1. This site uses cookies. By continuing to use this site, you are agreeing to our use of cookies. Learn More.
  2. Hi Guest, welcome to the TES Community!

    Connect with like-minded professionals and have your say on the issues that matter to you.

    Don't forget to look at the how to guide.

    Dismiss Notice
  3. The Teacher Q&A will be closing soon.

    If you have any information that you would like to keep or refer to in the future please can you copy and paste the information to a format suitable for you to save or take screen shots of the questions and responses you are interested in.

    Don’t forget you can still use the rest of the forums on theTes Community to post questions and get the advice, help and support you require from your peers for all your teaching needs.

    Dismiss Notice

Impact of Reduced Teacher Contact Time At A-Level?

Discussion in 'Mathematics' started by DM, May 17, 2011.

  1. DM

    DM New commenter

    My school reduced contact from 10 one hour periods per fortnight to 9 and now subjects studied by a small numbers of students have either 7 or 8. It is difficult to get through the content at AS but no great problem at A2. Results have improved slightly but correlation does not imply causation.
    Big saving financially - a fairly accurate rule of thumb is a saving of £1000 per year for a one hour reduction for one class per fortnight. It is a neat way to address a potential budget deficit.
  2. I guess it could also be led by a lack of available teachers. It's no secret that schools in parts of the school are (and have been for some time) short on maths teachers and this is another possible work-around.
    I'm afraid I don't have much else to add to the debate ... hope this wasn't a useless post!
  3. googolplex

    googolplex Occasional commenter

    It's difficult to comment really without knowing what time allocation you had in the first place, ie 17% of what?
    Reading between the lines I'm going to presume you currently have 6 (probably 50 minute) lessons per week? In which case, a reduction to 5 per week plus directed study, however you label it, is a hell of a lot better than our 4 lessons of one hour per week...
    In which case, I'm tempted to say "get used to it"! If not, then do tell...
  4. mature_maths_trainee

    mature_maths_trainee New commenter

    To clarify, our school situation is currently 270 mins per week (on average). Being reduced to 224 mins taught lessons, with the remaining 46 mins teacher-driected independent study.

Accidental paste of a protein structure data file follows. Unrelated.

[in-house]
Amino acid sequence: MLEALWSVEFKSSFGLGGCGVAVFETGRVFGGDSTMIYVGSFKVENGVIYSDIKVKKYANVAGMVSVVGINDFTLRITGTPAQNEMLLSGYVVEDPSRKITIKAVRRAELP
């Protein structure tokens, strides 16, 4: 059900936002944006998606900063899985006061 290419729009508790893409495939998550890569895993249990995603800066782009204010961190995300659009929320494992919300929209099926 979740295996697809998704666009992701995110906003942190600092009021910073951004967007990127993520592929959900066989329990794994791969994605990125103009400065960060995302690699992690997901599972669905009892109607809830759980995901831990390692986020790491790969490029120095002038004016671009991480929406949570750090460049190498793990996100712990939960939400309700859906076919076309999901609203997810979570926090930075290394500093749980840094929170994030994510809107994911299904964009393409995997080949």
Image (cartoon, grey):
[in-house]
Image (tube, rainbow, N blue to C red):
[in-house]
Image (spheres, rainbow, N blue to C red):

It might just be that we just need to learn best practice techniques for setting teacher-directed learning. Or it might be that we cross a critical minimal threshold below which learning falters considerably?
  5. Is this a reflection on the quality of teaching perhaps? Those that taught A level in our dept had gone through a pecking order mainly dictated by time in the dept rather than their actual ability to teach at that level. Also I know of one FE maths teacher who actually hinders his class learning because he spends a lot of time explaining 'why' rather than 'how.' Perhaps some research into this wouldn't come amiss to see by how much the taught hours could be reduced without results improving, or at least not getting worse to see how much money could be saved.
  6. Maths_Mike

    Maths_Mike New commenter

    Perhaps we can but ourselves out of a job altogether?
  7. Perhaps so, but is it right to predjudice results to keep people in jobs? I think it has more to do with the quality of teaching anyway. I don't think that there are enough good quality A level maths teachers to go round. The comp that I worked at a few years ago was in the top 10 in the country for GCSE results but had the A level points score of a school much lower down the league tables. Why? Perhaps because the pecking order to teach A level (in the maths dept anyway) was not based on teacher acedemic background.
  8. Of course it is a dangerous assumption. That is why I was careful to choose my words - "appears to be an inverse . . . " Does it not make sense then to test the hypothesis which is easy to accomplish? If the results are consistently better what should we conclude?
  9. Hmm . . . wasn't I alluding to this earlier?
  10. Maths_Mike

    Maths_Mike New commenter

    Then I fail to see the point in what you are suggesting?
    an experiment to tell us that good teaching has a positive effect while poor teaching doesnt?
  11. No, an experiment to see if results can be improved by a reduction in contact hours as the OP has suggested in light of evidence from other schools. Whether that improvement to due to less poor teaching, students taking more control of their own learning or more time for students to assimilate knowledge in their own time and way or a mixture of the three, would need to be determined and may be different for each school/cohort.
  12. DM

    DM New commenter

  13. Maths_Mike

    Maths_Mike New commenter

    Than quite frankly your "results" would be entirely pointless
  14. googolplex

    googolplex Occasional commenter

    flippant by name....
  15. I prefer to think of myself in terms of the older definition of flippant googy: talkative, flexible, nimble, pliant :) Anyway, it would be interesting to see the effect of this ?enforced experiment? at the OP?s school. It would also make a good research project so we could perhaps get more reliable info. Perhaps we should suppress it though ? can you imagine the furore if The Sun latched onto this lol?
  16. googolplex

    googolplex Occasional commenter

    I'm starting to get a plex about the way you spell my googol...
    Yes, imagine the scene... Right kids, get into two groups. This group is the control group, you get taught as we've always teaching. You lot, on the other hand...the good news is you get loads more free time...

Share This Page